The strip began on June 8 1938* as Extra Extra, an addition to the formerly staid New York Post that was in the process of trying to loosen itself up a bit. That spring in its step would be increased greatly in 1939 when the paper was sold to Dorothy Schiff, who transformed it into a liberal-leaning sensational tabloid. 

The strip began as a wacky commentary on minor news stories, a theme that would remain popular throughout the run of the strip. But when MacGovern started using the recurring character Milly, a blowsy half-woman, half-doll who (as most of his characters) is missing her feet, she became the star of the show. MacGovern's use of minor newspaper headlines was no great innovation, but his downright deranged commentaries were what really set the strip apart from others of its genre, as did using himself as a thoroughly demented character in his own strip.

The strip was soon renamed Silly Milly, but various comics historians lay claim that the strip went through a period as "Swing On The News" (Maurice Horn), or "Swing With The News" (Don Markstein). Without having reviewed the Post microfilm for myself, I can only offer the samples you see above, some of which clearly show that the strip was sometimes titled Silly Milly Swings Out The News. I will of course post updates on this world-shaking point should anyone care to review the papers themselves.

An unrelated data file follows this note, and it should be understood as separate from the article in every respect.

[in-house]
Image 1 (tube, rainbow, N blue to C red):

In the game of musical titles, I'll add another -- in 1946-47 MacGovern produced an adjunct large format strip on Saturdays and titled it The Yuk-Yuk Department.

As wonderful as Silly Milly was, the New York Post had no success in syndicating it, though they tried to for years. I have yet to see it running in a paper other than the Post. And that probably prompted MacGovern to decide that enough was enough after a decade and a half. Silly Milly bade goodbye to her readers on November 2 1951**.

~ ~ ~ ~ ~ ~

* Source: Ken Barker in Menomonee Falls Gazette #141. Maurice Horn claims it began on January 8 1938. Neither date is a Monday, so I wonder...

** Source: Jeffrey Lindenblatt based on New York Post. Maurice Horn claimed the strip ran until 1952.


I'd love to see a published collection of those, but I doubt that I will.